The life cycles of fig trees and fig wasps are so closely intertwined, they look like they were made for each other. If this is true, then their fossils would be quite similar to modern forms, showing no history of imagined evolutionary past. And recent research on a fig wasp fossil shows exactly that.
The ancient insect impression was discovered in the 1920s on the Isle of Wight, which is located in the English Channel, but it has only recently been studied in detail. Initially misidentified as an ant, it was the subject of a study published in Biology Letters conducted by University of Leeds researcher Steve Compton, whose "main study system over the years has been fig trees and their associated animals, particularly the fig wasps that pollinate them."1 He gave his assessment of the newly identified wasp fossil in a university report:
What makes this fossil fascinating is not just its age, but that it is so similar to the modern species. This means that the complex relationship that exists today between the fig wasps and their host trees developed more than 34 million years ago and has remained unchanged since then.2
The wasp and fig relationship is an example of "obligate mutualism," in which each organism depends on and would eventually die without the other. As the fig fruit develops, its central chamber contains many small flowers inside, where fig wasps also spend much of their lives.
When a female fig wasp hatches from her egg, she is nourished by the fig seeds. Upon maturation, she mates with a male wasp that is also located in the "fig condominium" and then gathers pollen into specialized recessed sacs. The male digs a tunnel out the side of the fig and then dies, freeing the female to escape and seek another fig tree of the same species.
When she finds a new young fig, the wasp squeezes her way in through an opening so small that her antennae and wings are often torn off in the process. Specialized backward barbs under her "chin" aid her difficult progress into the fruit. Meanwhile, the fig presents female flowers near to the entrance so that the wasp's pollen fertilizes them on her way in. After depositing her eggs, the wasp secretes growth factors that stimulate fig tissue growth in the tiny flowers that harbor her eggs, providing the larvae with food. This way, both figs and fig wasps achieve a new generation.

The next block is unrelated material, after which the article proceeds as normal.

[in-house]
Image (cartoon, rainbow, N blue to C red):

The maturing fig thus not only provides a place of incubation for the incipient fig wasp larvae, but also a source of nourishment. But what keeps the fig seeds from all being consumed by the larvae, which would be fatal to both species since it would prevent the development of future generations?
The answer is elegantly simple. The female's slender ovipositor (egg-laying organ) is exactly long enough to deposit eggs into short flowers but not long enough to reach into longer flowers in the fig. Those flowers can then mature into fig seeds to make future fig trees.
Compton's study provides yet another example of what those who study fossils call "stasis," which describes the stability of creatures' body forms wherever they are found--even among living representatives. This is not expected in an evolutionary world, where trees and wasps supposedly underwent long periods of evolutionary progress separately. How or why would "nature" ever have brought these two together, much less somehow equipped both fruit and insect with the exact features needed for their mutual dependence?
According to the creation model, such life forms came into existence at one time during the same week of creation, so one might expect to see very different species living in interdependence with one another. From the perspective of biblical creation, interdependent systems like this display the wisdom and glory of the Creator, who specifically outfitted His creatures with all that would be needed for life.
- Dr. Steve Compton. Faculty of Biological Sciences, University of Leeds. Accessed on www.fbs.leeds.ac.uk June 16, 2010.
- World's oldest fig wasp fossil proves that if it works, don't change it. University of Leeds press release, June 15, 2010, reporting on research published in Compton, S. G. et al. Ancient fig wasps indicate at least 34 Myr of stasis in their mutualism with fig trees. Biology Letters. Published online before print June 16, 2010.
* Mr. Thomas is Science Writer at the Institute for Creation Research.
Article posted on June 29, 2010.